With wit and sensitivity, these tales portray moments of suffering, confusion and discovery. Also, the reader is introduced to a wide variety of worlds, worlds that reveal Abray's deep understanding of how people engage with-and become obsessed by-activities such as Japanese kite-making, bees, daycare, alcohol, and motorcycle maintenance. How does the activity reveal the person? How the problem? Abray's stories push full-on into the world of obsessions. A new vacuum cleaner becomes a new pawn in a just-ended relationship. Riding-a-motorbike becomes the way brothers bond over their troubled relationship with their father. A wise naturalist takes the reader on a comic tour of an animal-filled mall, and a bee infestation in a kitchen forces three urban apartment-sharing youths to suddenly confront nature and their own changing relationship. Yes: in these stories, Tom Abray shows us how every human activity becomes a metaphor: for self-revelation, and for relationships that range from romantic to familial.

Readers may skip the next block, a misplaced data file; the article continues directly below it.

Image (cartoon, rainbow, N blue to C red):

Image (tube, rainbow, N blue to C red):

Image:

After growing up near Strathroy, Ontario, Tom Abray has now lived in Montreal for twenty years. He has been writing fiction and poetry since he was a teenager, and more recently he has tried his hand at filmmaking. For the past ten years, he has taught English at John Abbott College.